A man on the run hits a woman running out of time, what else could you call it but fate? Winner of the Special Jury Award at the PIA Film Festival, Eiichi Imamura’s Beautiful, Goodbye (ビューティフル、グッバイ) sees its conflicted heroes cast adrift as they flee from past trauma, bonding over their shared sense of hopeless alienation while driving towards some kind of resolution to their respective anxieties but perhaps fearing that there are no real safe spaces for those who find themselves at odds with the world in which they live.
As the film opens, 32-year-old Daisuke (Yasuke Takebayashi) is caught in the immediate aftermath of having stabbed a man while a small child curls himself into a ball in the corner. Pausing only to comfort him, Daisuke leaves in a hurry and later steals a pickup truck still laden with the last of someone’s moving boxes. Meanwhile, another man, Shinoda (Koki Nakajima), chases after a woman, Natsu (Yobi), who is later found wounded in an alley before being wrapped in a sheet and toe tagged at the local morgue. That is not, however, the end of her story. Shinoda, having recovered her body, performs some strange ritual which brings her back to life only for her to escape and run directly into the path of Daisuke’s car. Fearing he has made his day even worse, Daisuke puts her in the passenger seat and, unlikely as it seems, the pair end up travelling together pursued both by law enforcement and by the psychopathic Shinoda.
Daisuke, a shy man nervous about his stammer which sees him exiled from mainstream society, does not immediately seem like the type of person to stab someone but we later find out that he had a good reason (if you can say such a thing) and was acting to protect someone else from longterm abuse. He’s not sure running was best thing to do, but it has at least introduced him to Natsu who doesn’t seem to mind about his stammer and makes a point of calling him by a diminutive in an effort to avoid detection on the road by amping up the couple act. Apparently from Taiwan but with a Japanese mother, Natsu is herself on the run, besides being undead, in trying to keep one step ahead of the violent boyfriend it seems was responsible for her demise and then brought her back after trying a few rituals he found on YouTube so he could terrorise her afterlife too.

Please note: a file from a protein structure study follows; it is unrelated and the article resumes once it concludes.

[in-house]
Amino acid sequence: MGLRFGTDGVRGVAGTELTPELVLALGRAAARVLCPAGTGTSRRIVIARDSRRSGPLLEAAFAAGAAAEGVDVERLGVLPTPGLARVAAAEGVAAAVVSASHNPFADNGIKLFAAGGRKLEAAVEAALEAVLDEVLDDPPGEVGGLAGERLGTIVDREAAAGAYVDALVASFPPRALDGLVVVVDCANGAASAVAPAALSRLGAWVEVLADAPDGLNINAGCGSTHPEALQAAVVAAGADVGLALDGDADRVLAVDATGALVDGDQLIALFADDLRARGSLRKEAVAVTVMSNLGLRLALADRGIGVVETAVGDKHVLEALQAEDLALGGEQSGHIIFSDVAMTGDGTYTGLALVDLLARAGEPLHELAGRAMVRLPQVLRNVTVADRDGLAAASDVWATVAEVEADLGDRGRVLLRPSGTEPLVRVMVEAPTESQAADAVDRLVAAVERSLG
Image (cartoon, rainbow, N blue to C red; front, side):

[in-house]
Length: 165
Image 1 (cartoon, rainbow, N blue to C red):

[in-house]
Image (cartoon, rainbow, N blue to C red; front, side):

Both outsiders at the mercy of an unforgiving society the two discover a kindred spirit one in the other, retreating from their brush with crime to return the moving boxes to their original address with an apology for having borrowed some of the contents. Regaining her memories and coming to an awareness that her zombiefied state might only be temporary, Natsu wonders why her life has turned out the way it has and if God is punishing her for being a “bad” person. She has a tattoo of a lightbulb on her leg because of a story she was once told about there being two paths in the darkness, one to heaven and one to hell, and that God would always light the way for the good while the bad were left to stumble around on their own, losing their way and ending up in hell, so she decided to make her own light fearing that she was not one of God’s good people. Daisuke just laughs, pointing out that lightbulbs don’t work out of the box, leading her to make a few adjustments which allow him to give her the power to face the darkness.
Daisuke meanwhile remains on the run, in part because he wants to help Natsu move on from her traumatic past by facing her victimisation at the hands of the psychotic Shinoda who has been using social media to try and track them down but later finds himself falling victim to his bullying. Together, the undead woman and the barely living boy give each other the strength to face their respective anxieties, his in his crime and hers in her murder as they contemplate the calm at the end of the world, or at least the road, while the gentle tones of Teresa Teng linger in the breeze behind them like a lullaby as if in echo of a more innocent time.
Original trailer (no subtitles)
Teresa Teng’s “Toki No Nagare Ni Mi Wo Makase”